What are Some Sure Signs of Dementia?

Dementia signs
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It can be scary, to not trust your own mind. That is the betrayal sufferers of dementia feel every day—and there are many of them. "Of those at least 65 years of age, there" are "projected to be nearly 14 million by 2060," says the CDC.

November is dementia awareness month, so it seems like we should discuss the subject. “Dementia” is a general term, so its symptoms can vary widely from one person to another. Those who have dementia have problems with the following symptoms, says Eat This’ recent article entitled “Sure Signs You May Have Dementia, According to the CDC.”

Memory. “Dementia is not a specific disease but is rather a general term for the impaired ability to remember, think, or make decisions that interfere with doing everyday activities,” says the CDC. “Alzheimer’s disease is the most common type of dementia. Though dementia mostly affects older adults, it is not a part of normal aging.” Memory loss is a crucial signifier, such as forgetting events, repeating yourself, or relying on more aids to help you remember (like sticky notes or reminders).

Attention. Your mind might wander, or you make many mistakes, like misplacing things and losing the ability to retrace steps.

Communication. You may have new issues with words in speaking or writing. Difficulty communicating can include trouble following or joining a conversation or struggling to find a word.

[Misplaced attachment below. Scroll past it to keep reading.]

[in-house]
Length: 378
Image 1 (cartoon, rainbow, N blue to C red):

Reasoning, Judgment, and Problem Solving. These are challenges in planning or solving problems, such as trouble paying bills or cooking recipes you’ve used for years.

Visual Perception Beyond Typical Age-Related Changes in Vision. If you are having more trouble with balance or judging distance, tripping over things at home, or spilling or dropping things more often, it is a sign of dementia.

Other Signs That May Point to Dementia. The CDC says these can be other worrying signs:

  • Getting lost in a familiar neighborhood
  • Using unusual words to refer to everyday objects
  • Forgetting the name of a close family member or friend
  • Forgetting old memories; and
  • Not being able to complete tasks independently

Contact your doctor if you need help. “A healthcare provider can perform tests on attention, memory, problem solving, and other cognitive abilities to see if there is cause for concern,” says the CDC. “A physical exam, blood tests, and brain scans like a CT or MRI can help determine an underlying cause.”

Reference: Eat This (Oct. 3, 2021) “Sure Signs You May Have Dementia, According to the CDC”